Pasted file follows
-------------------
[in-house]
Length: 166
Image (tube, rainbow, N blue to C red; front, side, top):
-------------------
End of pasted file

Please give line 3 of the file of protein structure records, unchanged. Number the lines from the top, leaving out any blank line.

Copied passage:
Image (tube, rainbow, N blue to C red; front, side, top):